And the Word became flesh and made his dwelling among us.
This is the verse before the Gospel we hear at Mass today. It is also one we hear during Christmastide – both at the Christmas Mass during the day and the Second Sunday after Christmas (when the Epiphany isn’t celebrated that day). This year, however, we are already in the middle of Passiontide – the two weeks prior to the Triduum. Why, therefore, are we hearing a Christmas reading today? Well, today is the Solemnity of the Annunciation and without it, we wouldn’t even have Christmas!
Though it may seem odd to be celebrating part of Christmas during Lent, there is a very logical reason. Since Jesus was human in every aspect other than sin, it can be assumed he spent nine months in Mary’s womb prior to His birth – the typical gestational period for all babies. Counting backwards from His birth on Christmas – December 25 – we arrive at March 25. Hence, today we celebrate the Annunciation, where the Angel Gabriel appeared to Mary and announced she was to become the Mother of God, and Jesus, as the Word, took on human flesh and made His dwelling among us.
It is also fitting to reflect on the indwelling of our Lord during the Lenten season as we prepare to commemorate His death and resurrection during the Easter Triduum. For it was only after His dying, rising, and ascending to Heaven, that He could send down the Holy Spirit to dwell within each of us upon our baptism. The Baptismal Rite is one of the most joyous parts of the Easter Vigil, where many of our brothers and sisters will receive this Sacrament as the first part of their journey into full communion with the Church. And each of us present at any of the Easter Masses are invited to renew our baptismal promises as well, to remember that “we were indeed buried with him through baptism into death, so that, just as Christ was raised from the dead by the glory of the Father, we too might live in newness of life,” as St. Paul says in his letter to the Romans (6:4).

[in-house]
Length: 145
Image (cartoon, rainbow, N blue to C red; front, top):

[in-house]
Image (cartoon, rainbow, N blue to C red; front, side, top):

While we will never carry the second person of the Most Holy Trinity within our very selves, in the same way Mary did, we can still say “yes” to the invitation of our Lord to open the door of our hearts to Him. We can say “yes” to His spirit we received at our baptisms, and say “yes” to receiving His Body, Blood, Soul, and Divinity in the Holy Eucharist. He longs to dwell within each of us, both now and forevermore. As we near the end of our Lenten journeys, hopefully we can pause a moment today and remember the very beginning of Jesus’ life in this world – and His life within us – in order to declare with Mary, “My soul proclaims the greatness of the Lord; my spirit rejoices in God my savior.” (Luke 1:46-47)